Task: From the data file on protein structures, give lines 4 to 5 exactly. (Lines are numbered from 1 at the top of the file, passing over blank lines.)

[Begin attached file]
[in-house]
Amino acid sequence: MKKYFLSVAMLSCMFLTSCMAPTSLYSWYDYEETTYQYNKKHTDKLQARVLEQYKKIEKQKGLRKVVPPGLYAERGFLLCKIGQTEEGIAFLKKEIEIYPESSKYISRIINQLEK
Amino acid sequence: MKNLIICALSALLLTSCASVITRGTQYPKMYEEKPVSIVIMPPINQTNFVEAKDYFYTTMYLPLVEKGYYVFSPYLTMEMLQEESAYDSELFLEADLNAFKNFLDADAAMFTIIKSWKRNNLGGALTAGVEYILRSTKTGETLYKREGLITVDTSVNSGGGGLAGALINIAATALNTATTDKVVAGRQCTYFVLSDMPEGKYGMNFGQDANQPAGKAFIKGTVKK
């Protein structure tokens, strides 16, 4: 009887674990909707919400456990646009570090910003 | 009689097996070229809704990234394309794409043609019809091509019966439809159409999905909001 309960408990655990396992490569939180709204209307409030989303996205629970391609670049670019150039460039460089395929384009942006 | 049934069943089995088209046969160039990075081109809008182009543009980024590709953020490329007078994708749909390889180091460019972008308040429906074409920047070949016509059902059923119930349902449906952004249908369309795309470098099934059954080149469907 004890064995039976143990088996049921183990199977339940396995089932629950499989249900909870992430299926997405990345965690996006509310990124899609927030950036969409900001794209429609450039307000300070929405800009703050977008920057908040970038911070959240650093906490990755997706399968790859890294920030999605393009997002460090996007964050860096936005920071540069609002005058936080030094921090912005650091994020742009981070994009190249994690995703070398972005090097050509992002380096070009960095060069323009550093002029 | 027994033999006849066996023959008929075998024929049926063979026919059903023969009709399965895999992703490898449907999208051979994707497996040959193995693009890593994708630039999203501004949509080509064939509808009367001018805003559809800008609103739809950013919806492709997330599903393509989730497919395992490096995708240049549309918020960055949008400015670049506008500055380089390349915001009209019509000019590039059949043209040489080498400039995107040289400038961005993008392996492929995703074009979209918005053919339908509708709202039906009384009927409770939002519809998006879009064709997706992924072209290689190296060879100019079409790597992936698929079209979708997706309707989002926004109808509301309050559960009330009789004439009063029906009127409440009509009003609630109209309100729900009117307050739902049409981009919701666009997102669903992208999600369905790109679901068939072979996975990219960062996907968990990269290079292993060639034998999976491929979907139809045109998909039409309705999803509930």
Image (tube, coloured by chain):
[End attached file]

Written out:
């Protein structure tokens, strides 16, 4: 009887674990909707919400456990646009570090910003 | 009689097996070229809704990234394309794409043609019809091509019966439809159409999905909001 309960408990655990396992490569939180709204209307409030989303996205629970391609670049670019150039460039460089395929384009942006 | 049934069943089995088209046969160039990075081109809008182009543009980024590709953020490329007078994708749909390889180091460019972008308040429906074409920047070949016509059902059923119930349902449906952004249908369309795309470098099934059954080149469907 004890064995039976143990088996049921183990199977339940396995089932629950499989249900909870992430299926997405990345965690996006509310990124899609927030950036969409900001794209429609450039307000300070929405800009703050977008920057908040970038911070959240650093906490990755997706399968790859890294920030999605393009997002460090996007964050860096936005920071540069609002005058936080030094921090912005650091994020742009981070994009190249994690995703070398972005090097050509992002380096070009960095060069323009550093002029 | 027994033999006849066996023959008929075998024929049926063979026919059903023969009709399965895999992703490898449907999208051979994707497996040959193995693009890593994708630039999203501004949509080509064939509808009367001018805003559809800008609103739809950013919806492709997330599903393509989730497919395992490096995708240049549309918020960055949008400015670049506008500055380089390349915001009209019509000019590039059949043209040489080498400039995107040289400038961005993008392996492929995703074009979209918005053919339908509708709202039906009384009927409770939002519809998006879009064709997706992924072209290689190296060879100019079409790597992936698929079209979708997706309707989002926004109808509301309050559960009330009789004439009063029906009127409440009509009003609630109209309100729900009117307050739902049409981009919701666009997102669903992208999600369905790109679901068939072979996975990219960062996907968990990269290079292993060639034998999976491929979907139809045109998909039409309705999803509930």
Image (tube, coloured by chain):